In the Court of Appeals decision on July 11, 2016, in Santo v. Santo, the court increased a Judge’s ability to determine what legal custody arrangement is in the child’s best interest and even if the parties lack the capacity to communicate or cooperate well, a court can still order joint legal custody and are legally authorized to use tie-breaker provisions in custody awards. What the court ultimately concluded by this decision is that there is more than one factor set forth in Taylor v. Taylor and Sanders v. Montgomery County that serves as a prerequisite to a custody award. However, at the conclusion of a merit hearing a judge should articulate the factors he or she considered when determining the ordered custody arrangement and set forth the facts that support their conclusion. Especially in those cases where a court considers awarding joint legal custody to parents who cannot communicate effectively. In such cases, a court must articulate well the justification for awarding joint custody.
Since the late 1980s the following have been the factors the Court considers when determining what custody arrangement is in a child’s best interest:
- The psychological and physical capabilities of both parents, including any conduct and characteristic of a parent which may reflect on the parent’s ability to care for a child and which may have an adverse impact on the welfare of a child. Adultery or choice of sexual relationships is not a factor.
- Character and reputation of the parties.
- Desire of the natural parents and agreements between the parties. The court may modify any provision of an agreement between parents with respect to the care, custody, education or support of any minor child of the spouses, if the modification would be in the best interests of the child.
- Potentiality of maintaining natural family relations.
- Preference of a child where the child is of sufficient age and intelligence to form a rational judgment, but such child’s wish is certainly not controlling.
- Material opportunities affecting the future life of the child.
- Age, health and sex of the child. Contrary to popular belief, there is no assumption in Maryland that the child will go to the mother.
- Residences of parents.
- Length of separation from the natural parents.
- Prior voluntary abandonment or surrender.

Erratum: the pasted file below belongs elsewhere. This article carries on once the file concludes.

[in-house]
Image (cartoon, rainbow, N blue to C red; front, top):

- Sincerity of parent’s request. (Has one parent requested joint custody merely to gain bargaining leverage over the other in extracting favorable financial or property concessions?)
- Financial status of the parents. The court must consider the financial burden of maintaining two homes for a child.
- Impact on state or federal assistance.
- Benefit to parents, to the extent that any such benefit to the parents is likely to redound to the ultimate benefit of the child.
- A trial judge should consider all other circumstances that reasonably relate to the issue of joint custody.
- Evidence of abuse by a party against: the other parent of the party’s child; the party’s spouse; or any child residing within the party’s household (including a child other than the child who is the subject of the custody or visitation proceeding) may be considered as a factor bearing on the welfare and best interests of the child.
The following additional factors are particularly relevant to determining the appropriateness of a joint custody award:
- Communication: Can the parents communicate and to reach shared decisions affecting the child’s welfare. This is clearly the most important factor in determining whether an award of joint legal custody is appropriate and for consideration of shared physical custody. If the parent’s track record is one of inability to effectively communicate on matters involving the child and there is no strong potential for effective communication in the future, joint custody is not warranted. If the evidence demonstrates the parents do not share parenting values and each insists on adhering to irreconcilable theories of child rearing, joint legal custody is not appropriate.
- Religion: Another factor that has appeared in Maryland custody cases is a parent’s religion and the child’s religious upbringing to the extent it impacts the child’s physical or emotional welfare. It has to be clearly shown that a parent’s religious practices have been or are likely to be harmful to the child before the court will interfere with those religious practices.
- Relationship established between the child and each parent.
- Potential disruption of child’s social and school life.
- Geographic proximity of parental homes.
- Demands of parental employment.
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